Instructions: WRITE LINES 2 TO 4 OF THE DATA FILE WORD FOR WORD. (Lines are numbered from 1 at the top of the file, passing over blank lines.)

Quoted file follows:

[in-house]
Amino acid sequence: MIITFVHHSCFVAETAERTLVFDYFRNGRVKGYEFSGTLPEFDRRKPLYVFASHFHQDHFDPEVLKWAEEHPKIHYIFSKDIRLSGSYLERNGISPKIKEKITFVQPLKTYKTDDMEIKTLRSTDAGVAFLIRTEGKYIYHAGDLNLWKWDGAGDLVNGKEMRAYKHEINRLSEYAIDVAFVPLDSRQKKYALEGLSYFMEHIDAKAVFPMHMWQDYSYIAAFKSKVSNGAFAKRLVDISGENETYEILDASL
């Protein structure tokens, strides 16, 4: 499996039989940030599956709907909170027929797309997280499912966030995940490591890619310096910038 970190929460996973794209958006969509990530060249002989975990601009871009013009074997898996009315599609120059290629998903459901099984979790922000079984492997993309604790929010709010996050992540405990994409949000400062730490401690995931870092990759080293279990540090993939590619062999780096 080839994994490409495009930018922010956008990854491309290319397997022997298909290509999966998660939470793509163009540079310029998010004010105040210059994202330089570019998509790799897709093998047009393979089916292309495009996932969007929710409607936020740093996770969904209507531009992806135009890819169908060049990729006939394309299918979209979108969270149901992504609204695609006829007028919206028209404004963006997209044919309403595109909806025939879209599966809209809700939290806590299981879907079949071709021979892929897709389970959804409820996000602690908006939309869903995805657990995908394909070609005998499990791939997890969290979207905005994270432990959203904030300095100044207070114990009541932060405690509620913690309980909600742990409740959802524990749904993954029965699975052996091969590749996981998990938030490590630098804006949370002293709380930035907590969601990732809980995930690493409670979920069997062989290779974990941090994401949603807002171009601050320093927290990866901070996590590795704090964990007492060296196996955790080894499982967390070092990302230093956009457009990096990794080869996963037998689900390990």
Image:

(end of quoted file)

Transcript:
Amino acid sequence: MIITFVHHSCFVAETAERTLVFDYFRNGRVKGYEFSGTLPEFDRRKPLYVFASHFHQDHFDPEVLKWAEEHPKIHYIFSKDIRLSGSYLERNGISPKIKEKITFVQPLKTYKTDDMEIKTLRSTDAGVAFLIRTEGKYIYHAGDLNLWKWDGAGDLVNGKEMRAYKHEINRLSEYAIDVAFVPLDSRQKKYALEGLSYFMEHIDAKAVFPMHMWQDYSYIAAFKSKVSNGAFAKRLVDISGENETYEILDASL
């Protein structure tokens, strides 16, 4: 499996039989940030599956709907909170027929797309997280499912966030995940490591890619310096910038 970190929460996973794209958006969509990530060249002989975990601009871009013009074997898996009315599609120059290629998903459901099984979790922000079984492997993309604790929010709010996050992540405990994409949000400062730490401690995931870092990759080293279990540090993939590619062999780096 080839994994490409495009930018922010956008990854491309290319397997022997298909290509999966998660939470793509163009540079310029998010004010105040210059994202330089570019998509790799897709093998047009393979089916292309495009996932969007929710409607936020740093996770969904209507531009992806135009890819169908060049990729006939394309299918979209979108969270149901992504609204695609006829007028919206028209404004963006997209044919309403595109909806025939879209599966809209809700939290806590299981879907079949071709021979892929897709389970959804409820996000602690908006939309869903995805657990995908394909070609005998499990791939997890969290979207905005994270432990959203904030300095100044207070114990009541932060405690509620913690309980909600742990409740959802524990749904993954029965699975052996091969590749996981998990938030490590630098804006949370002293709380930035907590969601990732809980995930690493409670979920069997062989290779974990941090994401949603807002171009601050320093927290990866901070996590590795704090964990007492060296196996955790080894499982967390070092990302230093956009457009990096990794080869996963037998689900390990």
Image: